An artist’s duty is rather to stay open-minded and in a state where he can receive information and inspiration. You always have to be ready for that little artistic epiphany.”— Nick Cave, Australian musician.

Ken Blaisdell, now of Gilbert, Arizona, didn’t realize he was soon to have an artistic epiphany when he found this 1963 Ford Falcon convertible for sale online locally. “It was a true 20-footer—rougher than I expected. All of the plastic dash knobs were deteriorated and broken from the Arizona sun; the seller had replaced the top, but left the original gaskets in place; he removed the old door gaskets but didn’t install new ones. The original engine had been swapped out, and while the evaporator was still under the dash, the original York compressor was gone. I told the seller that it was rougher than I had expected, and that I was going to pass.” A month later, however, “I went back and bought it.”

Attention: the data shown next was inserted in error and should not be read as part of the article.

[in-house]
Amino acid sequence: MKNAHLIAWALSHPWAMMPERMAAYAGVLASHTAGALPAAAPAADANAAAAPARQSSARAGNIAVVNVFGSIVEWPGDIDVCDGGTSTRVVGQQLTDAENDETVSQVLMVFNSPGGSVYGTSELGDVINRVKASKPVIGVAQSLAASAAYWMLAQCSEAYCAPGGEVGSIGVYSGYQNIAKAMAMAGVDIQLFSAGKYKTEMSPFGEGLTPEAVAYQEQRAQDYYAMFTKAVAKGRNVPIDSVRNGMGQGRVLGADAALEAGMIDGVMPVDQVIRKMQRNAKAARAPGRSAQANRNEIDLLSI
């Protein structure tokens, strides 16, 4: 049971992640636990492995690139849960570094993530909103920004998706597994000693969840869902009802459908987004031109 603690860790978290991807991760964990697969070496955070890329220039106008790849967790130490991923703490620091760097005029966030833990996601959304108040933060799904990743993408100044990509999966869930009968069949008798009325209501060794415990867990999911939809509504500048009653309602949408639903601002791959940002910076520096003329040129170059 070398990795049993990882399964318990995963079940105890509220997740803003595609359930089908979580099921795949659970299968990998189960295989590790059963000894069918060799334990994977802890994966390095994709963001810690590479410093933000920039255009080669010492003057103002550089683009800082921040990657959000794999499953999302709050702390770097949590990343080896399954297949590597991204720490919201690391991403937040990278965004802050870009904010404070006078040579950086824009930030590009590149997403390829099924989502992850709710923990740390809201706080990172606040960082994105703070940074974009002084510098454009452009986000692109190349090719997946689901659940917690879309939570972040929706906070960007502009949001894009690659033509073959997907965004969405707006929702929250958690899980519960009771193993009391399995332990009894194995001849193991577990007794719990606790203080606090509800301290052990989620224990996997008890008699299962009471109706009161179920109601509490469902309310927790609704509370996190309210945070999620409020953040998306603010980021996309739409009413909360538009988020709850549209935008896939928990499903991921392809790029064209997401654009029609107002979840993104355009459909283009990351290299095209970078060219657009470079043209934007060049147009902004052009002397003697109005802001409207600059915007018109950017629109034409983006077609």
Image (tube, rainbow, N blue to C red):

A replacement 170-cubic-inch inline-six, rated at 101 hp, now shines between the shock towers; a contemporary A/C compressor is hidden low beside the block

Inspiration for finding this Falcon came from Ken’s salad days in the early ’70s, when a used ’61 Falcon sedan was his daily driver. “It was ‘just an old car’ that served as cheap transportation,” he says. “I paid $50 for it, and drove it until the rear end gave out. I used to work on that one because I had to; now I own one and work on it as a hobby! The style brings me back to the days when I first became interested in cars, and it’s so simple to work on that it’s actually enjoyable. It keeps me in shape; I refer to all of the crawling around beneath it, the bending over into the engine compartment, and the twisting to reach under the dash as my ‘restoration yoga.

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